From the chronology above, and the correlation of the “you” in his various tweets with the comment on the Cohen piece (amongst others), and the direct reference to “Tick tock” (which he has admitted is a specific response to me, and which he may well be regretting placing on the end of that tweet), his tweet is clearly directed at me. It very likely falls foul of Section 16 of the Offences Against the Person Act:

“A person who without lawful excuse makes to another a threat, intending that that other would fear it would be carried out, to kill that other or a third person shall be guilty of an offence and liable on conviction on indictment to imprisonment for a term not exceeding ten years.”

While I highly doubt that Mr Leather is physically capable of carrying out such a threat in person, Steve Roach made reference to Mr Leather’s powerful friends, and Mr Leather is certainly both a very strange and a very wealthy man, and apparently very proud of both things. So yes, I absolutely believe he intends me to “fear it would be carried out”. For what other reason would he say it? And so I shall be considering my legal options with care. In the meantime, I’m still not so much of a coward as to avoid naming Mr Leather and calling him out for what he is.


the 2015 election

Posted by on May 8th, 2015


So. A small handful of pros:

1) Seeing Farage and Galloway’s faces as they lost. The former is more important, of course, but the latter was probably more amusing, as Galloway is so pompous and serious, in addition to being an awful human being. There was some small joy in seeing him smashed into insignificance by the woman he’d smeared during the campaign. I don’t think Bradford is going to miss him.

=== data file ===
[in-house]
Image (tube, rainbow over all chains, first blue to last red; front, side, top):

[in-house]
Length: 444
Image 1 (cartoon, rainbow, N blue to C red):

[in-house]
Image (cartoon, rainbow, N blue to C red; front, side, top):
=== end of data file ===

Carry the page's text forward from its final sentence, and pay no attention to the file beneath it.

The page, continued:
2) With a slightly heavy heart, the evisceration of the LibDems. They conjured such goodwill in the run up to the 2010 elections as a genuine alternative. They then basically threw all that away to sit for five years beside the throne, enabling the Tories in so, so much. Whatever their alleged mediating effect, it simply wasn’t enough for me, and I find it impossible to forgive them for that. I’m glad that the oh-too-predictable outcome has come to pass, albeit sad for the many party members whose desires may not have been reflected by the actions of the leadership. They’ve been wiped out as a credible political force for a generation. They asked for it, and they deserve it. I hope the last five years have been worth it for Clegg, because anyone with the slightest amount of sense could have seen this coming.


Well, pretty much everything else, from a personal perspective. There’s little more to say than that.

I know I have friends who will be pleased with the result to some degree, and look: there’s no denying the Tories won, and that Labour fumbled the ball in umpteen ways. They were unfocused, and they let the Tories dictate the narrative without ever successfully challenging it. Even given the fact that Ed Miliband comes across as a decent man, and the weight of the media was often against him in ridiculous ways – who doesn’t look stupid for at least one second while eating a sandwich? – it’s clear Labour lacked a coherent overall picture to present that differed enough from the Tories’ to reach voters.

Trying to look on the bright side, for my own views, the Tory majority is relatively slim, and perhaps this will give Labour the chance to reinvent itself that I think it desperately needs. But to be honest, for the moment, that bright side is fairly hard to find. Gah. Today, the rain outside feels entirely appropriate.


free speech

Posted by on February 16th, 2015